...Leave it!’ I commanded peremptorily but kindly. ‘It’s nothing, nothing at all. Masters and Joseph will set it all to rights in no time. Shall we go into the drawing-room?’, and when I led the way, the company had no choice but to follow me. Tristram, however, delayed a few seconds to set upright a bottle of wine that was gently putting forth its contents on to the dining-room floor, and he moved quickly to draw back the curtains over the French windows which the alcoholic tide threatened to discolour irremediably. A movement in the late Mr Trentham’s garden attracted his attention. He caught a glimpse of a figure disappearing through the back gate in the museum garden wall, which was always kept bolted. He found it impossible to say with certainty whether the figure was male or female, although he inclined to the former. Thinking that the museum had perhaps been burgled, he ran into our garden and peered over the fence that divided us from the late Ralph Trentham’s premises. He saw on the lawn a shape that looked suspiciously like a body. Wasting no time on going round to Solomon Fothergill’s, he scaled the fence, approached the shape and, with a gasp …
Thursday, 25 September 2014
To Know the Road | Historical Fiction / Romance
by Annie Coyle Martin
by Annie Coyle Martin
Victoria’s thoughts raced. What would happen? Would she be called down one day and told a husband had been found for her? Would she ever get out of this bedroom, where the walls leaned in over her? From her window she could see three houses opposite and the short lane down to the sea. The house faced east and on one side she could see a lime tree in the neighbour’s garden, on the other side, the street. The late summer had wound wearily away and finally it was September. Every day she checked the calendar, heard the bells of the Catholic Church ring at eight, at midday, and at six; on Sundays she heard the Protestant bell. She listened always for the sounds of the house, but saw no one but Kathleen who brought her meals. She read and reread the same books from her shelf, Jane Austen, Stevenson, Dickens. She was appalled at how accustomed she had become to her prison. Sunny afternoons she watched for a black cat with a white spot on its breast to step delicately round the corner of the house opposite and settle in the sun. She looked at the larch tree in the garden on the other side of the street and saw the edges of its leaves had become dried and crinkled. When the sun moved round to the back of the house and dusk shadowed her room, another day was ending. When rain washed down the window, obscuring the view, she was unbearably sad. At night, she awoke drowned in sweat and with a strange metal taste in her mouth, as if she sucked a copper coin; and she thought they were trying to poison her.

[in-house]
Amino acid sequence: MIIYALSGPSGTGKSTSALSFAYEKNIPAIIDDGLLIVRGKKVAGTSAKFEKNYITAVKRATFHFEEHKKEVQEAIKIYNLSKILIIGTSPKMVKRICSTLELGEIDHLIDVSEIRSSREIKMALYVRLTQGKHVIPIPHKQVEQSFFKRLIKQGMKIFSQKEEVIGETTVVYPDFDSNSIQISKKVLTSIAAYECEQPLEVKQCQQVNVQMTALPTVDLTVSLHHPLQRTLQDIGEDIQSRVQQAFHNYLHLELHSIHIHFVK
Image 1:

Friday, 19 September 2014
A Genuine Fake | Fiction: Thriller / Suspense
by Fred Maddox
by Fred Maddox
Tracy was oblivious to the dozen or so people gathered around the frozen earth of the graveside. Or of Father James’ words as he conducted the burial service, his voice nothing more than a faraway drone. She stared vacantly at the solitary old oak tree, just beyond the moss covered dry stone wall which marked the ancient churchyard’s boundary. Its thick, gnarled trunk, scarred from the scores of lovers carving their undying love for each other into its weather beaten bark, giving testament to its decades of claiming that lone position as its own. Its bare misshapen branches creaked and groaned as the chilling north east wind whistled through them. What tales this mighty oak could tell, of the many christenings and weddings and funerals it had witnessed, and indeed, it would be more than likely this magnificent tree had witnessed all three services for the same person.